The Best ETFs for Options Trading - Cabot Wealth Network

The Best ETFs for Options Trading

ARKK stocks have had a very rough year. Are any worth buying now?

The key to finding the best ETFs for options trading centers solely around liquidity. In fact, the foundation for all of your options trading endeavors, regardless of the options strategy, starts with your watchlist of highly liquid options, both stocks and ETFs.

We only want to use the most efficient products the market has to offer and thankfully, there are quite a few ETFs that fit the bill. I say, “most efficient” because we never want to be in a situation where we must make back 5% to 15% at the onset of trade just to get back to breakeven. It’s not a logical approach.

Remember, when taking a statistical approach to trading we must allow the probabilities, the law of large numbers, to work in our favor. And if we are using inefficient products, we don’t stand a chance over the long term, regardless of the options strategies we use.

Realistic Strategies, Realistic Returns

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Make Money in This Market

Let’s look at an example of what would be considered one of the best ETFs for options trading, the SPDR S&P 500 ETF (SPY).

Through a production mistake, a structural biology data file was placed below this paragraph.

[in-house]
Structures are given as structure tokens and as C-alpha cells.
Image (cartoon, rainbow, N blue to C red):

SPY is trading for 441.15. If you look at the strikes just outside the at-the-money strikes you will notice a tight bid-ask spread of roughly $0.03.


Now let’s compare the efficiently priced SPY, with another similarly priced ETF, iShares Trust Core S&P 500 (IVV).

As you can see, the bid-ask spread is anywhere from $3.50 to, at best, $0.50. Using a risk-defined strategy like a bear call spread, bull put spread, iron condor and others, just isn’t realistic. Yes, you could make a trade, but your pricing would be highly inefficient going into the trade, but particularly when you go to exit the trade, when you are at the mercy of the market marker.


The Best ETFs for Options Trading

I’ve created the list below for anyone that wishes to create a similar watchlist. Of course, the list will evolve over time, as such, I will update regularly. Moreover, I plan to add an overbought/oversold indicator, implied volatility and several other statistics to give us a better idea as to where each ETF stands over the short to intermediate term.


As I said before, if you truly want to be a successful option trader you must start with a foundation of stocks and ETFs with highly liquid options. The ETFs above are a great place to start.

I’ll be creating a similar list with stocks, stay tuned!

As always, if you have any questions, please feel free to email me or post in the comments section below.


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